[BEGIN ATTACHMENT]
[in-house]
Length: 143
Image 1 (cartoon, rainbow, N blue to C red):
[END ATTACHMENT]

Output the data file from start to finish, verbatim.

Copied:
[in-house]
Length: 143
Image 1 (cartoon, rainbow, N blue to C red):